HK businessmen gear up for widely anticipated border reopening with mainland
Quarantine-free travel to mainland would boost businesses: entrepreneurs
Published: Dec 13, 2021 09:53 PM
A Hong Kong resident scans a health code on December 10, 2021. More than 83,000 people have submitted applications for the Hong Kong Health Code in the first few hours of registration, delivering hope for cross-border commuters and businesspeople waiting for the border between the special administrative region and mainland to reopen. Photo: VCG

A Hong Kong resident scans a health code on December 10, 2021. Photo: VCG

Entrepreneurs in the Hong Kong Special Administrative Region (HKSAR) are accelerating registration for the city's version of a health code ahead of the widely anticipated border reopening with the Chinese mainland, as they express confidence that quarantine-free travel would help boost their businesses in the mainland after disruptions posed by the COVID-19 pandemic.   

More than 336,000 people had registered for the Hong Kong Health Code as of Sunday at noon, after registration was opened on Friday, China Media Group (CMG) reported, rekindling hope among cross-border businesspeople who have long waited for normalized travel between the HKSAR and the mainland.

Ken Wong, director of All Times Healthy Co in the HKSAR, was among the first applicants for the health code. 

"My employee and I have applied for the health code. We hope that the border reopening can be given a trial with quotas by the end of December and fully restored by the end of June next year," Wong told the Global Times on Monday.

With close business ties to the mainland market, Wong usually travels a lot between the HKSAR and the mainland. He has just finished a two-month trip to the mainland to attend the fourth China International Import Expo (CIIE) held in Shanghai in November.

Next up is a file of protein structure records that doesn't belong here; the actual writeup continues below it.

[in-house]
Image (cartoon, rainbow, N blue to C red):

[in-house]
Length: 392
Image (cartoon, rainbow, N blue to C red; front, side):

"As trade with the mainland becomes more and more frequent, we need to visit lawyers' offices and banks in the mainland often to sign documents. Before the coronavirus outbreak, all these processes were convenient and only took one day," he said.

Frank Lao, managing director at Galaxy Payroll group, a Hong Kong-based outsourcing service provider, said that the company is also ready for the border reopening.

"It is great news for us that the mainland will resume quarantine-free travel with Hong Kong in the near future. We have asked colleagues to get vaccinated as soon as possible. We all registered for the Hong Kong health code and informed our mainland clients about the possibility of face-to-face meetings in the future," Lao told the Global Times on Monday.

The Hong Kong health code was launched on Friday to pave the way for the border reopening between the Chinese mainland and Hong Kong.

Upon successful registration, applicants need to upload their travel records for the previous 31 days to get the code, according to a notice published on the website of the HKSAR government.

Like the one in the mainland, the Hong Kong health code is divided into red, amber and green and the standard to determine the color of the code aligns with that of the "YueKang Code" issued by South China's Guangdong Province, the notice said.

Hong Kong Chief Executive Carrie Lam said at a press conference on December 7 that there would be a quota system at the beginning of customs clearance to gradually proceed with the border reopening, with priority given to government staff and businesspeople with an urgent need to visit the mainland, CMG reported.

At present, the only two open borders between the mainland and Hong Kong are the Shenzhen Bay Port and the Hong Kong Port of the Hong Kong-Zhuhai-Macao Bridge, which together allow a maximum of 1,000 people daily to pass through, while the rest of the borders remain closed, mainland news outlet Jiemian reported.

Travelers entering the mainland from the HKSAR need to undergo 14 days of quarantined medical observation and seven days of health monitoring at home; mainlanders entering Hong Kong are subject to 14 days of compulsory quarantine.

"The mainland is an important market for us. We used to travel to and from the mainland very frequently. However, during the epidemic, business activities were seriously disrupted due to the closure of border checkpoints between Hong Kong and the mainland," Lao said.

According to Lao, the coronavirus has hit the services sector in Hong Kong hard, and many companies like his are looking forward to the border reopening to get connected to the mainland market, which has become a pillar of economic growth.

"We used to help foreign companies recruit in the mainland but now our main business focuses on helping mainland companies develop overseas markets. As the mainland economy gradually recovers and such demand grows, we see great potential in the mainland market," Lao said.